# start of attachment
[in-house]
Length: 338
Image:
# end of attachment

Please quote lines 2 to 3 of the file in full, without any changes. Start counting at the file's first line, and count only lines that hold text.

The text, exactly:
Length: 338
Image: